That latter contingency is probably the reason we don’t see every doctor in the land putting patients on a diet of veggies, fruits, fish, and modest amounts of meat swathed in olive oil. Once again we return to the old investigative reporter’s dictum: Follow the money trail. Nobody’s getting rich on it, so it’s not the “treatment” you’re going to get.
The Mediterranean diet also works against “pre-diabetes,” and it can be helpful for people who have actual, real diabetes. In 2009, results of a four-year study showed that people with type 2 diabetes who stuck to a Mediterranean diet with at least 30% of calories coming from fats (primarily olive oil) gained better control over the the condition without diabetes medications than those who ate a low-fat diet with no more than 30% of calories from fat (with less than 10% coming from saturated fat sources). In this study, 44% of people who agreed to follow the Mediterranean diet ended up having to take medications to control blood sugar. But 70% of those in the low-fat diet group did.
The so-called “Mediterranean diet” is not exactly “health food,” at least not in the way most of us think of the revolting exotica favored by fanatics. It is, in a word, delicious. It is Italian food. It is French food. It is Greek food. With a backyard grill or a decent oven, it is ridiculously easy to prepare. And you can buy the ingredients in any grocery store.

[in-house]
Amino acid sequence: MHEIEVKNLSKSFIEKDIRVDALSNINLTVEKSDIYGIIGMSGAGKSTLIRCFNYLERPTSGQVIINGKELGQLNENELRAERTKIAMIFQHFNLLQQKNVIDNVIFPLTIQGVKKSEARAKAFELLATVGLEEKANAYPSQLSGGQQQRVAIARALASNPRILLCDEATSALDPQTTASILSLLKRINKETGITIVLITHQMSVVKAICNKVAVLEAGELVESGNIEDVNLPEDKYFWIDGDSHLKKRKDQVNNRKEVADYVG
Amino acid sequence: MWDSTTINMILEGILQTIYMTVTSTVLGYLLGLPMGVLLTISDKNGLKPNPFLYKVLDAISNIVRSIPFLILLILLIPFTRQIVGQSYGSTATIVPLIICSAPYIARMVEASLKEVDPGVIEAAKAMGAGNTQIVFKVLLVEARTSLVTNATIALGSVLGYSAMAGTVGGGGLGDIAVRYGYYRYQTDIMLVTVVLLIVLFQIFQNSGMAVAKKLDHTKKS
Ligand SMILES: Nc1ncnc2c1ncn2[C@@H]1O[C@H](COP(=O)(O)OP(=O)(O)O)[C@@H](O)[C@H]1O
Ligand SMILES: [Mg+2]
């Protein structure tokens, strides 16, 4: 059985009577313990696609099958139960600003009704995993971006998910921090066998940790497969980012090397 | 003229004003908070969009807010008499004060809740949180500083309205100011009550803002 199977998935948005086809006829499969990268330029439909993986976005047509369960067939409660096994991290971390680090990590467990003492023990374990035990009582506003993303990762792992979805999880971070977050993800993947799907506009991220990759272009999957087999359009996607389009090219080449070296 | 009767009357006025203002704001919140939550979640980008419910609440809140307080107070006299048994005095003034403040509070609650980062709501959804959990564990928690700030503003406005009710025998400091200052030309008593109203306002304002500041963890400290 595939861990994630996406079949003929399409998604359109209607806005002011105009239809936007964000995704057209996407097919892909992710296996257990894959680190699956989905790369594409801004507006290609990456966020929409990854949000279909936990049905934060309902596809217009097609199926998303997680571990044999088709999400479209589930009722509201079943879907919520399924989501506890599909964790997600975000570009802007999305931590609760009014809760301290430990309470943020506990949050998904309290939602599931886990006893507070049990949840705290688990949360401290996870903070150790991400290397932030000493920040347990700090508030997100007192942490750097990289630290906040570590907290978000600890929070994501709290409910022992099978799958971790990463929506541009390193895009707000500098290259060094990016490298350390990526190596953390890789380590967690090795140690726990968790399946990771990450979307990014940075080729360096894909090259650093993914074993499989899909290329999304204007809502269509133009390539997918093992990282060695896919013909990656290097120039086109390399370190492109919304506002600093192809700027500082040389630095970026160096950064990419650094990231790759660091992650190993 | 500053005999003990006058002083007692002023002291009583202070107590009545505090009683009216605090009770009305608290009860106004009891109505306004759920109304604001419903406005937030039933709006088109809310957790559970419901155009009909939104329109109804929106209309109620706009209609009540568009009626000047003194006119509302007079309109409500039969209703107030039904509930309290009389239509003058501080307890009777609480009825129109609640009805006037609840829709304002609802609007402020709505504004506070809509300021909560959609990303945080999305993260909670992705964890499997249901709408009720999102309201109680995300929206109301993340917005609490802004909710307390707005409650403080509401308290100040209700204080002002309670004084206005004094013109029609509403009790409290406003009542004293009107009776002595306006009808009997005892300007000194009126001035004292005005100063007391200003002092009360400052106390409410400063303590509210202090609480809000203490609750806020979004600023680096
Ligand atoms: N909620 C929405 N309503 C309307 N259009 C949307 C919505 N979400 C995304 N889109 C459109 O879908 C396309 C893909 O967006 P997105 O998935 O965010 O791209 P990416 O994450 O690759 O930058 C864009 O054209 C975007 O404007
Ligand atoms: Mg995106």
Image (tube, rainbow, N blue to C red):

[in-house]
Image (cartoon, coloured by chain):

It does require you to learn to cook, in a low-key way. But the labor involved has yet to kill anyone.
And it’s not what I would call a “diet.” No one is going to feel deprived if forced to stick to this cuisine:
- abundant fruits and vegetables
- olive oil as the principal source of fat
- fish and poultry consumed in low to moderate amounts
- dairy consumption is mostly of cheese and yogurt (less butter/cream)
- red meat consumed in low amounts
- red wine in low to moderate amounts
Compared to the wacksh!t diets some would like to put us on (remember when we all had to abandon our butter for margarine? Remember when we decided that oops! all that hydrogenated corn oil not only wasn’t helping you, it was harming you?), it’s strictly from cordon bleu.
If you need a guide to this, here’s a website devoted to hyping it. The Mayo Clinic has a shorter and less self-interested page describing the scheme, nicely organized in one place and easy to understand. And about two-thirds of the recipes in my cookbook, 30 Pounds/4 Months, fall under the heading of “Mediterranean,” as defined by these guidelines.
So, eat well, drink well. Do not smoke. And avoid eating and drinking things that are laced with sugar and other chemicals.
And also exercise well. Contrary to enthusiasts’ insistence, you do not have to go out and beat yourself to exhaustion: you can extract health benefits from ordinary, mild exercise. The trick is to do it regularly and not to hate it. A thirty-minute walk a day will do the trick. Walk the dogs. Go for a brisk stroll in your local park. Walk to shopping instead of driving. Climb the steps instead of riding the elevator one or two or three stories.